The first time anyone goes to Blade Show they probably notice there is always a drop in the crowd size during certain parts of the day. If you wander out to the parking lot, you find a grand spectacle of finesse, cutting power, and blade precision known as BladeSports. Most of the gentlemen competing are knifemakers who have created their own choppers that they believe will afford the most optimum cutting edge. A new breed of competitor is now out, the non-knifemaker. Benchmade has produced a sport cutter for this group they feel is capable of out-chopping custom-built models in the right hands. This gives the average person a chance to try the sport without having to invest in a custom knife. Making a production competition blade can only be done with the precision that a company such as Benchmade can offer, as strict attention must be maintained in edge geometry, heat treatment, and materials. The chance to play with this type of high-octane blade cannot be passed up. Would the production version give the same type of results as the wood-destroying rope slitters the pros use? I was about to find out.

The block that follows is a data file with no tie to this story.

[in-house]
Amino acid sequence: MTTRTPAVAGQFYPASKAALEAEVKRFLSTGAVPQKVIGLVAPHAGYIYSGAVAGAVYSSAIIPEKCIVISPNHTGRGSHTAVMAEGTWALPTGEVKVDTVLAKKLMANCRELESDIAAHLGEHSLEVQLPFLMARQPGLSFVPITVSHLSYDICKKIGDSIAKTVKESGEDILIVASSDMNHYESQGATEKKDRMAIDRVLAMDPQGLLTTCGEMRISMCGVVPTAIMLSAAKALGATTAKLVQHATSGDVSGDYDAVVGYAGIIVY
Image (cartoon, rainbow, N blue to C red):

The bottle test proves to be the most difficult for the author. The tiny bevel on the 171 Chopper makes its way cleanly through this row of bottles after many attempts. The blade still has a factory edge without any touch-up.
Osborne Design The Benchmade Competition knife is designed by Warren Osborne, a name synonymous with high quality folding designs, custom work and production designs from Benchmade. He also competes in BladeSports, and shows that he has the knowhow to produce a competition-quality production knife through Benchmade. The nearly 1/3-inch-thick knife is a sight to behold, made of CPM-M4 using Crucible steel’s top-notch metallurgy process. CPM-M4 is a high-speed tool steel (not a stainless steel) and is used for drills, milling cutters and a myriad of other applications where wear resistance is important. Warren says that some competitors have gone through three contests without touching up or re-sharpening their CPM-M4 edge. With a full flat grind and a tiny secondary bevel, the tough steel is important to make sure that the edge doesn’t chip out during the hard portions of the BladeSports gauntlet.